RustCommand Line Arguments


Rust's standard library does not contain a proper argument parser (unlike argparse in Python), instead preferring to leave this to third-party crates. These examples will show the usage of both the standard library (to form a crude argument handler) and the clap library which can parse command-line arguments more effectively.


  • use std::env; // Import the env module
  • let args = env::args(); // Store an Args iterator in the args variable.

Using std::env::args()

You can access the command line arguments passed to your program using the std::env::args() function. This returns an Args iterator which you can loop over or collect into a Vec.

Iterating Through Arguments

use std::env;

fn main() {
    for argument in env::args() {
        if argument == "--help" {
            println!("You passed --help as one of the arguments!");

Collecting into a Vec

use std::env;

fn main() {
    let arguments: Vec<String> = env::args().collect();
    println!("{} arguments passed", arguments.len());

You might get more arguments than you expect if you call your program like this:


Although it looks like no arguments were passed, the first argument is (usually) the name of the executable. This isn't a guarantee though, so you should always validate and filter the arguments you get.

Using clap

For larger command line programs, using std::env::args() is quite tedious and difficult to manage. You can use clap to handle your command line interface, which will parse arguments, generate help displays and avoid bugs.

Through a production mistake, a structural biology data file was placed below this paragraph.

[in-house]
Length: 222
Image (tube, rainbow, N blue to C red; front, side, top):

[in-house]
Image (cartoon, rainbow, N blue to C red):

There are several patterns that you can use with clap, and each one provides a different amount of flexibility.

Builder Pattern

This is the most verbose (and flexible) method, so it is useful when you need fine-grained control of your CLI.

clap distinguishes between subcommands and arguments. Subcommands act like independent subprograms in your main program, just like cargo run and git push. They can have their own command-line options and inputs. Arguments are simple flags such as --verbose, and they can take inputs (e.g. --message "Hello, world")

extern crate clap;
use clap::{Arg, App, SubCommand};

fn main() {
    let app = App::new("Foo Server")
        .about("Serves foos to the world!")
        .author("Foo (@Example on GitHub)")
            .about("Runs the Foo Server")
                .about("Sends debug foos instead of normal foos.")))

    // This parses the command-line arguments for use.
    let matches = app.get_matches();

    // We can get the subcommand used with matches.subcommand(), which
    // returns a tuple of (&str, Option<ArgMatches>) where the &str
    // is the name of the subcommand, and the ArgMatches is an 
    // ArgMatches struct: 

    if let ("run", Some(run_matches)) = app.subcommand() {
        println!("Run was used!");